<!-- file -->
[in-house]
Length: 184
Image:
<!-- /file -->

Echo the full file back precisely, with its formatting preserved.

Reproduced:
[in-house]
Length: 184
Image: